Keep an eye (and ear...hell...both of 'em in fact) open for award winning French vocalist Sarah Lenka who'll be singing the songs of Lady Day in SIX...that's half a dozen in old money...shows between July 10th and 12th. 

Here's a video of the legend herself in full flow too...

Thursday, June 18, 2015

Do believe the hype...

Okay...this is big...capital letter BIG. Hell, capital letter and bold typeface BIG. Public Enemy has just been confirmed as the new Friday night headliners for Mostly Jazz Funk and Soul! If you know anything about the history of rap and hip hop you’ll know this is a big deal, if you don’t...well, trust me...it’s a big deal. Arguably one of the most important groups of the past 30 years Public Enemy released a quartet of era defining albums and singles in the late 80s and early 90s including some of hip hops greatest hits. Here’s a quick history lesson:  

Of course Public Enemy is just one of a bucketload of other great acts playing MoJaFuSo this year, here's the full line up! 

Impressive eh? Got a feeling this one might sell out now so grab a ticket right here while you still can. 

Monday, June 15, 2015

The lowdown on Highbury Studio...

We don't seem to be too good at preserving our heritage in Birmingham do we eh? Back in the 50s and 60s the 'town planners' oversaw the destruction of dozens of beautiful buildings, replacing them with grim brutalist structures. And what happens once these begin to develop a certain bleak charm and historical importance...yep...they're demolished to make way for yet another flat pack office block (see the 'old' library for instance). Then there's The Crown, home to some of Black Sabbath's early gigs, which was hailed as Birmingham's equivalent of The Cavern Club. It's currently boarded up and will probably be knocked down or turned into flats or a mobile phone shop or even more ruddy offices.

Now it appears as though Highbury Studio where Duran Duran recorded some of their earliest demos faces an uncertain future too. Thankfully they've just launched one of those Pledge Music thingies offering everything from an exclusive double album featuring some of Brum's best new bands through to a karaoke evening where the studio will lay on a group to sing up to 12 of your favourite tracks that are then professionally filmed and recorded for you and 16 friends. For Duran Duran fans there's also a rare as hens teeth chance to hear the early demos (including a version of The Chauffeur...I've never been the same after watching that video) that have never...and will never...leave the studios (Duran Duran have personally given their permission for these tracks to be played, bless 'em).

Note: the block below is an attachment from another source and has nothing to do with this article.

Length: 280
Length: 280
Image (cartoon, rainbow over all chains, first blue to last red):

You can see the full list of pledge goodies right here!

Wednesday, June 10, 2015

Lunar Festival, Tanworth in Arden, 5th – 7th June 2015

Italian horror movie soundtracks, Malian desert blues and arguably the best songbook in pop music history, this year’s Lunar festival had something for everyone under the sun...or moon for that matter...even Smurfs  Speaking of celestial bodies, given that just 48 hours before this year’s Lunar began we were in the grip of the kind of weather you’d normally expect in November the sudden appearance of the sun was the kind of miracle that would normally get people erecting shrines and speaking in tongues. Who knows maybe day one’s headliners Tinariwen brought it with them? Friday afternoon offered a lot more than just an instant suntan though with self professed “grumpy rock ‘n’ roll band from the West Midlands” Hoopla Blue’s Wild Beasts go surf rock sonics (check out the fabulous Holy Ghost), The Drink serving up a cocktail of hi-life, indie pop, post punk and psych folk and Welsh wonders Zervas & Pepper’s blissful rebooting of 60s good time vibes courtesy of the gorgeous We Are One. Kudos to them for doing a Drake number too (Lunar Festival is, in part, a homage to Nick) delicately embellishing Pink Moon with their own hip hippy stylings.

Allah-Las kept the summertime 60s spirit going, recalling Love at their slightly tripped out best, all of which made the next band something of a shock. 

Trading under the unwieldy name of Claudio Simonetti’s Goblin (apparently there are various version of the original Goblin band operating right now) they’re responsible for some of horror’s greatest hits as the go to guys for George Romero (they scored 1978’s zombie masterpiece Dawn of the Dead) and the influential Italian director Dario Argento. It may have been a warm and sunny evening but playing against a backdrop of clips from the films genuinely sent spines tingling all over the place. Fusing prog rock, early synth sounds and...well...the very spirit of Beelzebub himself, this four piece were, for many, the hit / discovery of the festival (okay, so they’ve been around for 40 years but come on, horror movie soundtracks are a little niche eh?).